Young fans of today’s NBA players are likely tired of their parents or grandparents complaining about how “soft” the league is compared to when they were kids. Whenever an argument comes up about whether a player from this generation is better than someone from the 90s (like LeBron James with Michael Jordan), older basketball enthusiasts always say today’s stars aren’t tough enough.
However, former NBA superstar Tracy McGrady recently addressed that topic. And while he agrees that the league is “soft,” he doesn’t blame the players.
NBA teams score a lot more points today than they did in the 1990s and early 2000s
In the 1980s and 1990s, we had the “Jordan Rules,” where the Detroit Pistons essentially beat Michael Jordan up to keep him from scoring. Today, we’re worried about flops and whether shooters have enough room to land.
Rules have completely changed the way basketball is played. Defenders used to be allowed to hand check, which made it difficult for undersized guards to drive through the lane. Now, after a 2004-05 ruling banned almost all contact with offensive players, those guards can essentially dance their way to the basket and get easy layups whenever they want.
It also used to be a lot more difficult for players to shoot the ball along the perimeter, but refs now call flagrant fouls if defenders don’t give them enough room to land. That has forced defensive players to stay back and give shooters much more space to put up their shots.
The changes have impacted the game significantly.
For example, in 1998-99, teams averaged 91.6 points per game. Last season, they recorded 112.1 per contest.
And that’s why older generations call the game soft, including Tracy McGrady.
Tracy McGrady called the NBA ‘soft,’ but he doesn’t blame the players
Tracy McGrady recently appeared on The Draymond Green Show, and Green asked the former Orlando Magic star whether he thinks he would have had even more success in today’s NBA than his era. McGrady’s prime was essentially from 2000-01 through 2007-08 when teams were still averaging under 100.0 points per game.
And the question led to McGrady sharing his thoughts on whether the NBA is soft or not.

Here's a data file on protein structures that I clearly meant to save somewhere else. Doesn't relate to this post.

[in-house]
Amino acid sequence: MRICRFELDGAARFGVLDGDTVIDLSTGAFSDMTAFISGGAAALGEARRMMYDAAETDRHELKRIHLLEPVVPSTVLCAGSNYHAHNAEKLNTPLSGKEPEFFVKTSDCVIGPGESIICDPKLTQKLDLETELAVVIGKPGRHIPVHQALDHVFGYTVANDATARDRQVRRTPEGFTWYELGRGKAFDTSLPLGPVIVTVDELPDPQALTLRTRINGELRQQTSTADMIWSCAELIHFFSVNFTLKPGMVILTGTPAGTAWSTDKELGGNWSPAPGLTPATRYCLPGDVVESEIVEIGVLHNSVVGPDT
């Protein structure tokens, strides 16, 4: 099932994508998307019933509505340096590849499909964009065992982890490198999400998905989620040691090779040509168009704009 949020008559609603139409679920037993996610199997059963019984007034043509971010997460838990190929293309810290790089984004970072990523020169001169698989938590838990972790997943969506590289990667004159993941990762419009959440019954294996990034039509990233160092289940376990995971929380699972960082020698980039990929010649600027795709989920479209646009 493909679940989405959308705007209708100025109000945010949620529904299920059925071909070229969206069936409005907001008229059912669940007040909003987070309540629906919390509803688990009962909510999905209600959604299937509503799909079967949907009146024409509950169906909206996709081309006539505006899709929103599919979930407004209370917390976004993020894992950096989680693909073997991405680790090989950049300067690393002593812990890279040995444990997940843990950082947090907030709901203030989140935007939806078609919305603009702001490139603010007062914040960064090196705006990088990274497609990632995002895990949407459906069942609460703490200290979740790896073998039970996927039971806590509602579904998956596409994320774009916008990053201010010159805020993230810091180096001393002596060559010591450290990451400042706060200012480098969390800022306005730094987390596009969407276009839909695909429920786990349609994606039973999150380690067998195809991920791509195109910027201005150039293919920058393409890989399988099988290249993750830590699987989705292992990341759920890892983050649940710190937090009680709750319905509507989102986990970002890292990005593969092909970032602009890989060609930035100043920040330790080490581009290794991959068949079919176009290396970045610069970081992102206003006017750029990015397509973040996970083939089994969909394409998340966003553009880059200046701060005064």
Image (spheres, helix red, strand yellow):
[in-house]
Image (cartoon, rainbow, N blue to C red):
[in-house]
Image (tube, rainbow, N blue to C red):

“The rules are a lot different; come on, man, guys shooting 3-pointers are shooting shots now, and you land on somebody’s foot, it’s a flagrant foul,” he said on the Jan. 19 episode. “How the hell you contest shots? The rules make the game soft. Not the players; it’s the rules. I think people [misconstrue] that when we say the league is soft we’re talking about the players; it’s the rule changes that we’re talking about.”
McGrady clearly doesn’t think the “soft” argument should be an indictment of the players but the league itself.
The rule changes may inflate some stats a bit, which can convolute the “who’s better than who” arguments. But guys like LeBron James shouldn’t be blamed for ushering in a soft generation; he would have likely dominated in the 1990s, too.
So, does McGrady think he would have thrived more in today’s NBA than during his era?
Tracy McGrady thinks he would be great in today’s NBA
To answer Green’s question, McGrady made things simple: He absolutely believes he would dominate in this era.
“So, yes, would I thrive? Absolutely,” he said. “You gotta think, in our era, bro, some of the scores were 75 to f***ing 76. Finals (scores) were in the 60s, and I’d have 30 points. I have 35 points of that. … And it’s not like I was just a guy that scored with the ball in my hands. No, I was catching and shooting as well. I did everything. So, yes, I would definitely thrive in today’s game at a high level.”
It’s hard to argue McGrady’s stance. He averaged 32.1 points in 2002-03 when teams averaged just 95.1. Oh, and we can’t forget about the time he dropped 13 points in 33 seconds. He was unstoppable back then and would be unstoppable now.
But true ballers will find a way no matter what, so many players today would have also thrived in his era.
Stats courtesy of Basketball Reference